Times Staff Writer

Emmylou Harris is no stranger to risk: Her 1980 acoustic bluegrass album "Roses In The Snow" was a radical departure that helped pave the way for country music's current "new traditionalist" movement that includes Randy Travis, Dwight Yoakam and Reba McEntire.

In 1982, Harris ignored the safe "greatest hits" format typical of concert recordings by selecting all-new material for her exuberant "Last Date" live album. And in 1985 she turned to the concept album format for her ambitious, if disappointing, semiautobiographical "Ballad of Sally Rose" LP.

Still, her new "Angel Band" album--an ultratraditional collection of a dozen spiritual songs performed on acoustic instruments--may be the biggest gamble of her career.

"Initially we weren't doing it as a gospel album; we were doing a traditional acoustic album," Harris, 40, said by phone recently from Nashville, where she was taking a short break from a tour that brings her to the Pacifc Amphitheatre in Costa Mesa tonight.

"But the spiritual songs seemed to be the prettiest, the most singable and the most musical," said Harris, whose vocal purity and beauty have often been described as "angelic," making the new album title, "Angel Band," appropriate indeed.

From gospel standards like J.B. Coats' "Where Could I Go but to the Lord" to Harris' own arrangement of the album's only up-tempo tune, the traditional "We Shall Rise," the spirit of "Angel Band" is light years away from the drinkin', lyin' and cheatin' songs that define country music.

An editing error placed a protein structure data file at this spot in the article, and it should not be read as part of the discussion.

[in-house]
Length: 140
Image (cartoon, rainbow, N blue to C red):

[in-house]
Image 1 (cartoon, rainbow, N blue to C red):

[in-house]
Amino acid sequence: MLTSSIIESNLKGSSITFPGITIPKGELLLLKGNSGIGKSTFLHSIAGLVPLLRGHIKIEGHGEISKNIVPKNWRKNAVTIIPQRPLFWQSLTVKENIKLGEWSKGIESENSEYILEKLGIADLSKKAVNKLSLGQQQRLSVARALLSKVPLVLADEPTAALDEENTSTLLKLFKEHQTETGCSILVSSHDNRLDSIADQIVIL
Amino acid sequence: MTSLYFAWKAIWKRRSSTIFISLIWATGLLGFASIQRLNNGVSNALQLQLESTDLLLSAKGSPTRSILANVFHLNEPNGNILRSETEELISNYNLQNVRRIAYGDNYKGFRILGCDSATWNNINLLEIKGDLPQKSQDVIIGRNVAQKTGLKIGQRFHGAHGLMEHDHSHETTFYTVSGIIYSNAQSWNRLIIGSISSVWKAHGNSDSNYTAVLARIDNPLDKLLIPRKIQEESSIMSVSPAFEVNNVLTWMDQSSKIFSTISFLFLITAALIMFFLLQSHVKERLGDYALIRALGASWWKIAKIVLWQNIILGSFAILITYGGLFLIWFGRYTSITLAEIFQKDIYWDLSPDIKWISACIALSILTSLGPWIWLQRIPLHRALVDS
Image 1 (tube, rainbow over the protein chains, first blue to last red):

It's also an unlikely follow-up to the "Trio" album she made with Linda Ronstadt and Dolly Parton earlier this year that put her onto Billboard's Top 10 pop album chart for the first time.

So "Angel Band" comes as a dramatic shift that is bound to spark speculation about Harris' religious convictions and whether she has turned her back on secular music. On that count, however, Harris' fans can relax.

"We ended up sort of by accident with a gospel album," she said. "The traditional music, the acoustic backing, the sparse arrangements, the live singing and harmony--those are the aspects of the album I see and hear when I listen to the album. It isn't a personal statement. My own philosophy is private. More than a religious statement ('Angel Band') is a musical statement--but all music is spiritual to me."

Realizing that her comments sounded as if she were distancing herself from the religion question, she quickly added, "I'm not trying to pretend that these aren't gospel songs, but the album wasn't done for any religious or political reasons; it was done for musical reasons.

"Whenever you do a song or an album, you don't know what people will get out of it. Music affects people and lyrics affect people in different ways. All I can hope is that this will affect people in a good way."